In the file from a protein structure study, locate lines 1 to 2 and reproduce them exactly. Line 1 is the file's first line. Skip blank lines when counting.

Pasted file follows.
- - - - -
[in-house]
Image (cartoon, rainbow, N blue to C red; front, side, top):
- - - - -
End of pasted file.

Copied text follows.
[in-house]
Image (cartoon, rainbow, N blue to C red; front, side, top):